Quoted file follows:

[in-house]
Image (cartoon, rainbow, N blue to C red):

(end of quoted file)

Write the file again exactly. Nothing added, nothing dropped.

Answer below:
[in-house]
Image (cartoon, rainbow, N blue to C red):